Advice For New Photography Graduates From Chase Jarvis

As the end of the school year comes to a close we see many new and eager graduates entering the creative field. As a graduate what better way to kick start your new adventure than with some wise words aimed directly at you from Chase Jarvis himself? 

Chase Jarvis has been in the industry for quite some time, so when he offers some advice, it really is worth listening to. The man has been around the block, so to speak. In this video he breaks down some of the misconceptions new graduates have when entering the workforce:

1. Be Great At Your Craft

Seems kind of obvious right? Chase makes a good point though, the learning does not stop after school. Many graduates think they are taught all they need to know in school and that once they hit the working world its just a matter of applying those skills. Truth is, there is a life long journey of learning ahead of them.

2. Learn The Biz

They can teach you all the practical knowledge at school but often times a formal education is a bit soft on business. Most schools don't teach you the day to day operational requirements of actually running a photography business. Furthermore many new photographers have this naive attitude towards selling that pits it in a negative light. This can really hinder their performance. Learning to sell effectively in the industry is a must have skill.

3. Take Risks

There is no BETTER time in your life to take risks. You are young with fairly minimal responsibilities. Most new graduates are not tied down to a family, a home, or large financial burdens. This is the time to explore the world, live out your dreams, and test those "what ifs".

All this is very sound advice and not just for graduates. If you are entering this industry, welcome, and I hope you count Fstoppers among the resources that helps get you started!

[via Chase Jarvis]

Peter House's picture

Peter House is a commercial fashion photographer from Toronto, Canada. He shoots over 10,000 pieces of clothing every year for a variety of lookbooks. Clients range from small local boutiques to international brands such as Target, Winners, and Sears. In addition to that Peter runs one of the most popular rental studio's in the Toronto area.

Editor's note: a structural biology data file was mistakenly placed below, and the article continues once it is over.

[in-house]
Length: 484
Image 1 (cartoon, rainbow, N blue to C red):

Log in or register to post comments

Ha, I'm so very guilty of the "selling is a bad word" feeling. I've never been able to shake the feeling that if I "need" to sell my work than it isn't good enough. All my instincts go towards the line of thinking that the work should speak for itself and sell itself. If it isn't then that means selling is convincing someone that your work is better than it is. (I acknowledge that it is an irrational line of thought but I still ever so deeply struggle to shake it)

It's a little ironic that to many photographers the epitome of the business is high end advertising work yet they don't think they need to advertise/promote themselves...

By no means feel bad or deficient in your difficulty to sell yourself! This painfully affects many creatives because it's difficult to sell something that you in your mind's eye don't believe is "perfect". If I may project a bit, it simply means you're a true artist: always questioning your skills and a desire for perfection that you never attribute to your own work.

Selling is what agents and reps were for in the day; beyond the navigation of the business jungle legalese and assisting in getting paid a fair market price for your work. Thus allowing you the artist to stay focused and immersed in always working towards that unattainable goal: perfection.

As a fairly recent photography graduate, I can definitely say he's correct in saying that art programs don't touch on business, at all. It's so important and it's completely ignored. As an art student I think entrepreneurship should have been a huge part of the curriculum.